Greek inscriptions relate to the resurrection of Jesus

Greek inscriptions resurrection of Jesus

Greek inscriptions found relate to the resurrection of Jesus are found in multiple Roman period sources, including a curious rescript of the Emperor found on a 1st century official inscription.

The marble slab of 60cm by 37.5cm by 6cm with 22 lines of Greek surfaced in Nazareth and was subsequently purchased, ending up in Paris.

Its exact location of original discovery is unknown, but it has been affirmed as authentic, and scholars propose that it was probably issued in Judea, Galilee, or the Decapolis area.

Examination of the letters indicates that the style most closely matches that of the 1st century AD, while the language used and historical context indicates the edict was made about 41-44 AD, when Claudius became Emperor of Rome and his friend Herod Agrippa I was king of Judea.

This “Edict of Caesar” addresses a new problem and specifically prohibits moving sepulcher sealing stones and stealing bodies from a specific type of tomb with wicked intent, compares it to an offence against the gods, and proscribes a new and extreme penalty of death for the crime.

It states the punishment if anyone has “extracted those who have been buried, or has moved with wicked intent those who have been buried to other places…or has moved sepulcher sealing stone.”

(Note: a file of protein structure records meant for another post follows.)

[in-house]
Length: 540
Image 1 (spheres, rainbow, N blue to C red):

The edict describes the same type of tomb–rock carved and sealed with a large stone–in which Jesus was buried, while Romans were typically cremated and also says nothing of ossuaries.

That the inscription was sent to the Judea and Galilee area and appeared in Nazareth seems beyond coincidence. According to Matthew, the false story that the disciples stole the body of Jesus was spread by the religious leaders of Judaism via the Roman soldiers.

This rumour eventually would have reached the ears of the Emperor, and the edict recorded on the Nazareth Inscription seems to have been a reaction to reports about the resurrection of Jesus Christ, including the version from the Roman soldiers guarding the tomb who claimed that the disciples of Jesus stole His body while they were asleep.

By the time of Claudius, knowledge of Jesus and the story of the resurrection had spread throughout many areas of the Roman Empire. ~Matthew 28:11-15.

APXAIOC Institute of Biblical Archaeology.

READ MORE: The Etymology of Hellas.

Guest Contributor

This piece was written for Greek City Times by a Guest Contributor